Biden’s Bet on Big Government
With the passage of President Biden’s American Rescue Plan, the federal government has now provided more than $5 trillion in relief and stimulus spending in response to the Covid-19 pandemic over the last year, leading some to wonder if we are witnessing the start of a new era of big government.
Gallup’s Frank Newport tackles that issue Friday, noting that the “new legislation once again brings into sharp focus conflicting opinions on the appropriate role of the federal government in Americans' daily lives — at the center of controversy and dispute since the drafting of the U.S. Constitution 230 years ago.”
Americans clearly approve of Biden’s spending plan, Newport says, and have supported all kinds of stimulus spending since the beginning of the pandemic. More broadly, the latest Gallup poll shows that a majority of Americans — 54% — want to see the government do more to solve problems, the highest reading on that question since the polling organization began asking about it in 1992.
Opposition remains: On the other hand, a substantial minority — 41% — say that the government is already doing too much and should allow individuals and businesses to solve their own problems. Those who oppose an expanded role for government sometimes say they are worried about deficits and the debt, although those worries don’t appear in recent poll data, Newport says. “Indeed, if the deficit is a concern, Americans appear to be willing to increase government income with elevated taxes on high-income families and with a wealth tax on ‘ultra-millionaires,’ as proposed by Sens. Elizabeth Warren and Bernie Sanders,” he writes.
A new poll from The Hill and HarrisX backs up Newport’s view, with 56% of respondents in a survey taken from March 5 to March 8 saying that inequality is a problem in the U.S. and a wealth tax is part of the solution. The other 44% said that a wealth tax is unfair and a penalty on successful people. The partisan differences were pronounced in the poll, though, with about 80% of Democrats supporting a wealth tax, and 64% of Republicans and 51% of independents opposing it.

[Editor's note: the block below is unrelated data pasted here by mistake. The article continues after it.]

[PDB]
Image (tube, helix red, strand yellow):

The fight continues: The lack of bipartisan agreement on future spending programs, such as the still-developing infrastructure plan Biden wants to pass, may mean that a new era of big government will have trouble getting started. “If the economy and jobs situation improve markedly, there could in turn be a backlash of sorts to continuing increases in government spending,” Newport says. “And the razor-thin margins of Democratic control of the House and Senate could shift in 2022 or 2024, allowing Republicans to again press their emphasis on curtailing major government spending programs.”
The bottom line: In the long run, crises like the Great Depression and World War II have generated some of the most significant changes in the size and function of government, leaving legacies such as Social Security and the GI Bill in their wake. It’s not clear yet whether the Covid crisis will generate the same kind of legacy. “Big government ... has clearly been a fact of life in the U.S. before the stimulus plans of the past year,” Newport writes. “The question going forward is more about the trajectory of the continuation of this long-term trend, and less about the sudden arrival of a new era of government involvement in our lives.”